Once you’ve identified leading and lagging indicators to track your employee engagement, you must then act on the insights.

If you discover that job satisfaction is falling (through surveys, retention, absenteeism and so forth) you must then look at the influences on this that you can control.

You can look at your workforce’s skills and workload, for example, to understand if they are being over or under-utilised. Management might be another area to consider. Because, as the saying goes, people don’t leave bad jobs, they leave bad bosses.

Assess your work environment and if people regularly complain about certain areas like the kitchen. Do they often work overtime or dislike the set working hours?

Finally, look at your pay, benefits and bonus packages, as remuneration ties closely with employee engagement. Ensure you give appropriate raises, performance-based rewards and bonuses.

Striking the right balance

Most organisations will use a mix of lagging and leading indicators at different times and in different contexts.

The ratio of each metric largely depends on each use case and department. One department’s lagging indicator might be another one’s leading indicator.

A marketing department might see a new sales lead as proof that their campaign has worked (a lagging indicator for their team). However, the sales team will use this as a leading indicator, working towards closing a deal.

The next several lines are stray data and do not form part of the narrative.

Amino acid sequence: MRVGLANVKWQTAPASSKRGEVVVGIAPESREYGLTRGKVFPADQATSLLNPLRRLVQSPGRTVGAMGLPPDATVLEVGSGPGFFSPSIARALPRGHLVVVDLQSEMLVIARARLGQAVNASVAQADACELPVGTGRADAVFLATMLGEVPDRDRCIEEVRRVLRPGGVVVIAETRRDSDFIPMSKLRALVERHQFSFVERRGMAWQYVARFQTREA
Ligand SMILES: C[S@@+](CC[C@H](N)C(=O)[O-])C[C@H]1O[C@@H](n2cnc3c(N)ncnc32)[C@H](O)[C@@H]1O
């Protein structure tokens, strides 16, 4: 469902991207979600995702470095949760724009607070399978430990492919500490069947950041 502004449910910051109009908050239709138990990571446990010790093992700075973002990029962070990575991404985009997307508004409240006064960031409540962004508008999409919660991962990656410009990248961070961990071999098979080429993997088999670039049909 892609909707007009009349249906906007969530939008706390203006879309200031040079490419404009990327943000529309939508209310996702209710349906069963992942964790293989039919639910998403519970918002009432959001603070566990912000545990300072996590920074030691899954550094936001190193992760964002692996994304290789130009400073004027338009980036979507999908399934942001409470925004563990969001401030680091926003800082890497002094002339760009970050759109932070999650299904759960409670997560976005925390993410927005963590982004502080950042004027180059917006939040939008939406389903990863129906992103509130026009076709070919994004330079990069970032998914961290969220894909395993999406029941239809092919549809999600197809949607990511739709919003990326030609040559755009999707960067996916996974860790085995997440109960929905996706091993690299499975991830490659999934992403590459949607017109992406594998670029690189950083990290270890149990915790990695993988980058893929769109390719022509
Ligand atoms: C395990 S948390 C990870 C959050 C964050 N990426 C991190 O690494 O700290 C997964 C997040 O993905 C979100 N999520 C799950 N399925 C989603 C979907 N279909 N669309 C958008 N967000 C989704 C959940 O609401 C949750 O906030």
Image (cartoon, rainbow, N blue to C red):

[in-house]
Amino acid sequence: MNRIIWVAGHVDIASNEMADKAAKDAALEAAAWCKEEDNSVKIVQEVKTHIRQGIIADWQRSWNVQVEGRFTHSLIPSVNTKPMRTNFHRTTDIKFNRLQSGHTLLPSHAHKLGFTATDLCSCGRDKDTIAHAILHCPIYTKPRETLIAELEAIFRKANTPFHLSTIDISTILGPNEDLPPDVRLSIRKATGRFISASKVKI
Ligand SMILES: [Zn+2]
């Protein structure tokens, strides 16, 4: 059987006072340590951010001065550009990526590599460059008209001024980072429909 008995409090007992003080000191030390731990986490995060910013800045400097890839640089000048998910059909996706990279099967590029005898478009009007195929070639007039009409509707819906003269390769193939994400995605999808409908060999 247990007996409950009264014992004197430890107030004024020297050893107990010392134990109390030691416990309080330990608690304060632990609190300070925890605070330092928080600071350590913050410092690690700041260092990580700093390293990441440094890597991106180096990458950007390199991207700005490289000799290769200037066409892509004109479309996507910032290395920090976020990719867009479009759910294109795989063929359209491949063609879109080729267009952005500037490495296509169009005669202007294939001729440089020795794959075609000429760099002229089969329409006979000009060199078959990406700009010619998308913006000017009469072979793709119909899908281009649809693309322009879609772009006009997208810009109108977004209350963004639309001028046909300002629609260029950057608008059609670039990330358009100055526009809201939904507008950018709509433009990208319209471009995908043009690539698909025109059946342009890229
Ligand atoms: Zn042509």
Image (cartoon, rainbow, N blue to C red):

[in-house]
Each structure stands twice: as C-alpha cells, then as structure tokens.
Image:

Take your time

It’s worth taking the time to identify your leading and lagging indicators. You’ll gain a holistic view of your organisation by measuring both.

You can quantify your employee engagement now, predict it in the future and address the factors that influence it.

Give yourself a goal to achieve, a realistic timeline to get there and waypoints along the way to know you’re on track.

The secret to engagement

An employee share scheme can supercharge engagement. And tap into that sense of purpose and belonging that employees crave.

By offering them shares in the business you're giving them the chance to contribute towards (and make the most of) its future success.

All evidence we've found shows that when an employee owns even a fraction of equity in a business they’re more inclined to contribute to the success of that business. We call this The Ownership Effect.

But don't just take our word for it, read what our customers have to say.

Book a free consultation to find out more about sharing equity and its positive impact on engagement and retention.